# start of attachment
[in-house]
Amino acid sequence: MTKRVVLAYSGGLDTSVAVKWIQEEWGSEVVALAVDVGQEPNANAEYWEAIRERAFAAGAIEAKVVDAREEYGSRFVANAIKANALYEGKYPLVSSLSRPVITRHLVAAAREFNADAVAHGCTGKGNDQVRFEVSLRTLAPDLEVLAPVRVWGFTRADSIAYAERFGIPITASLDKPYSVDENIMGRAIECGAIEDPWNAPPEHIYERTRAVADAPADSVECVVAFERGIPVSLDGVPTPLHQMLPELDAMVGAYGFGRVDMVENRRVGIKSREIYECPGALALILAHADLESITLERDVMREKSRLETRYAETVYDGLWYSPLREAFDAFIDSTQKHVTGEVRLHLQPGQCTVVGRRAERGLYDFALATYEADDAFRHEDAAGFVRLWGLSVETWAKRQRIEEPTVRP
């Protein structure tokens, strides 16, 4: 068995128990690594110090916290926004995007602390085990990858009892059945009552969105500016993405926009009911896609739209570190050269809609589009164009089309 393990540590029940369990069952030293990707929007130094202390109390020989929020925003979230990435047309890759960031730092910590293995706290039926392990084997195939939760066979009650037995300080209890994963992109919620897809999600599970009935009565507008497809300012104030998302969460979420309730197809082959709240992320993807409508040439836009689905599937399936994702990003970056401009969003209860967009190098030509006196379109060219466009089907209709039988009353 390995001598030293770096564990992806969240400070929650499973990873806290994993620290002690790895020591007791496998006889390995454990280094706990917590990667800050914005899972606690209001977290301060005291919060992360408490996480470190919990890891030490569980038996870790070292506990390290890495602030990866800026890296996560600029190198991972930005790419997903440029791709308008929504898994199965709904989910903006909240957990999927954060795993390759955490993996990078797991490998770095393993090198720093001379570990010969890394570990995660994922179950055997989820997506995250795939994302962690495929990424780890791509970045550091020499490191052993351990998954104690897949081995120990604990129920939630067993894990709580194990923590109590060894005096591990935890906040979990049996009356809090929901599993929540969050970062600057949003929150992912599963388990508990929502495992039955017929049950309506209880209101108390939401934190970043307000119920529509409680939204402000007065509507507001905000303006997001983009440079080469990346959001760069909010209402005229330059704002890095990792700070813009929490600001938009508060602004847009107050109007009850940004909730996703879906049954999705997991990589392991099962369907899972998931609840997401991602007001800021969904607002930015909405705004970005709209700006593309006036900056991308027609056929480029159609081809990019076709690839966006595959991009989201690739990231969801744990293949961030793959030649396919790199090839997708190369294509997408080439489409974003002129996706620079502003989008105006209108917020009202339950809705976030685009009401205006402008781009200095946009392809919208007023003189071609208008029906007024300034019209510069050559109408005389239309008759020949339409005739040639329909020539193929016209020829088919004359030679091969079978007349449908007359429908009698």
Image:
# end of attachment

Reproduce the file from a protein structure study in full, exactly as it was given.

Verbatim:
[in-house]
Amino acid sequence: MTKRVVLAYSGGLDTSVAVKWIQEEWGSEVVALAVDVGQEPNANAEYWEAIRERAFAAGAIEAKVVDAREEYGSRFVANAIKANALYEGKYPLVSSLSRPVITRHLVAAAREFNADAVAHGCTGKGNDQVRFEVSLRTLAPDLEVLAPVRVWGFTRADSIAYAERFGIPITASLDKPYSVDENIMGRAIECGAIEDPWNAPPEHIYERTRAVADAPADSVECVVAFERGIPVSLDGVPTPLHQMLPELDAMVGAYGFGRVDMVENRRVGIKSREIYECPGALALILAHADLESITLERDVMREKSRLETRYAETVYDGLWYSPLREAFDAFIDSTQKHVTGEVRLHLQPGQCTVVGRRAERGLYDFALATYEADDAFRHEDAAGFVRLWGLSVETWAKRQRIEEPTVRP
């Protein structure tokens, strides 16, 4: 068995128990690594110090916290926004995007602390085990990858009892059945009552969105500016993405926009009911896609739209570190050269809609589009164009089309 393990540590029940369990069952030293990707929007130094202390109390020989929020925003979230990435047309890759960031730092910590293995706290039926392990084997195939939760066979009650037995300080209890994963992109919620897809999600599970009935009565507008497809300012104030998302969460979420309730197809082959709240992320993807409508040439836009689905599937399936994702990003970056401009969003209860967009190098030509006196379109060219466009089907209709039988009353 390995001598030293770096564990992806969240400070929650499973990873806290994993620290002690790895020591007791496998006889390995454990280094706990917590990667800050914005899972606690209001977290301060005291919060992360408490996480470190919990890891030490569980038996870790070292506990390290890495602030990866800026890296996560600029190198991972930005790419997903440029791709308008929504898994199965709904989910903006909240957990999927954060795993390759955490993996990078797991490998770095393993090198720093001379570990010969890394570990995660994922179950055997989820997506995250795939994302962690495929990424780890791509970045550091020499490191052993351990998954104690897949081995120990604990129920939630067993894990709580194990923590109590060894005096591990935890906040979990049996009356809090929901599993929540969050970062600057949003929150992912599963388990508990929502495992039955017929049950309506209880209101108390939401934190970043307000119920529509409680939204402000007065509507507001905000303006997001983009440079080469990346959001760069909010209402005229330059704002890095990792700070813009929490600001938009508060602004847009107050109007009850940004909730996703879906049954999705997991990589392991099962369907899972998931609840997401991602007001800021969904607002930015909405705004970005709209700006593309006036900056991308027609056929480029159609081809990019076709690839966006595959991009989201690739990231969801744990293949961030793959030649396919790199090839997708190369294509997408080439489409974003002129996706620079502003989008105006209108917020009202339950809705976030685009009401205006402008781009200095946009392809919208007023003189071609208008029906007024300034019209510069050559109408005389239309008759020949339409005739040639329909020539193929016209020829088919004359030679091969079978007349449908007359429908009698």
Image: